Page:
Eyes on the Street: Avalon and Gage Pocket Park is Now Open

New children's play area open at Avalon and Gage. Sahra Sulaiman/Streetsblog L.A.
New children’s play area open at Avalon and Gage. Sahra Sulaiman/Streetsblog L.A.

Over the past year, I watched the Neighborhood Land Trust and Department of Parks and Recreation slowly transform a dumpy traffic island at Avalon and Gage into something families in the community could actually use and be proud of.

The transformation couldn’t come soon enough.

The island sits at a very busy intersection in a neighborhood whose environment is intensely impacted by the factories found on the east side of Avalon, along Gage, and the heavy and fast-moving traffic (especially truck traffic) the corridor sees.

The island from above. The central tree was removed after this 2012 image was made. (Google maps screen shot).
The island from above. It sits on the edge of an industrial zone (at right). (Google maps screen shot).
The section of Gage just east of Avalon. (Google map screen shot)
The section of Gage just east of Avalon. The new pocket park is at center left (A). Click to enlarge. (Google map screen shot)

The island, in its earlier iteration as a tiny and uninspiring oasis from the chaos, had never realized its full potential.

For years, the lack of shade and run-down feel of the space meant you were unlikely to see anybody using the furniture unless they were waiting for the bus or the shadows of the few remaining trees fell in the right place for a few minutes.

The previous configuration of the island at Avalon and Gage. Sahra Sulaiman/Streetsblog LA
The previous configuration of the island at Avalon and Gage. Sahra Sulaiman/Streetsblog L.A.

While there was no one in the play area when I stopped by last week — it was a school day, after all — it was clear the renovation represented a vast and welcome improvement to the space.

Given how exposed the previous incarnation had felt, I was surprised by how quiet, safe, and spacious it feels in its newly transformed state.

The equipment is bright and fun, encourages kids to climb, run, and jump, and promises soft landings on rubberized surfaces should they fall. There is ample space for parents to sit around the equipment so they can keep an eye on their kids. And there is also some fitness equipment nearby, in case parents want to get their own heart rates up while watching their kids. The tall fencing enclosing the park space ensures kids won’t be able to run out into traffic.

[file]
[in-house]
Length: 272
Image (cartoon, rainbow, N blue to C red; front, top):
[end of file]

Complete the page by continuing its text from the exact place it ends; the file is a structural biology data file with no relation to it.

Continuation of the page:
The pavilion and small grassy hill behind it (just out of frame at left, below) offer nice places for picnicking. And the trees, while a little anemic right now, will eventually grow to shade some of the space and further separate it from the noise of the street.

The layout of the new pocket park at Avalon and Gage. Sahra Sulaiman/Streetsblog L.A.
The layout of the new pocket park at Avalon and Gage. Sahra Sulaiman/Streetsblog L.A.

There is even some furniture outside the enclosure for those waiting for the bus.

Furniture just outside the fence can serve those waiting for the bus. Sahra Sulaiman/Streetsblog L.A.
Furniture just outside the fence can serve those waiting for the bus. Sahra Sulaiman/Streetsblog L.A.

This transformation didn’t come easy — it was apparently ten years in the making.

Which is unfortunate because it would be amazing to see these sort of projects streamlined (and more easily funded) so they could take root on other corners in need of makeovers. Like the one just down the street at Western that currently serves as both a dumping ground and, oddly, a parking lot on occasion.

Traffic island at Western and Gage. (Google map screen shot)
Traffic island at Western and Gage. (Google map screen shot)

Or this one, at 40th and Broadway Pl.

This space at 40th and Broadway Pl. could also use an intervention. (Google map screen shot)
This space at 40th and Broadway Pl. could also use an intervention. (Google map screen shot)

If you’d like to learn more about the Land Trust, check out their website, here. Photos from their packed Jan. 24 grand opening can be found here.

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My, my, what have we here? I pulled up at Avalon and Gage to survey the change happening at what I had always considered a terribly depressing island with great potential. In case you’re not sure what that category of traffic island looks like, here’s the “before” shot: The intersection is one that marks the […]